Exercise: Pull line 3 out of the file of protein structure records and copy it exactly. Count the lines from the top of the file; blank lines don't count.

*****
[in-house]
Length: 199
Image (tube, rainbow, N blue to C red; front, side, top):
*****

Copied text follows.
Image (tube, rainbow, N blue to C red; front, side, top):